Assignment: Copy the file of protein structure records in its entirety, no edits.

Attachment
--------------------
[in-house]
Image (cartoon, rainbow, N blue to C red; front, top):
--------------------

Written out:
[in-house]
Image (cartoon, rainbow, N blue to C red; front, top):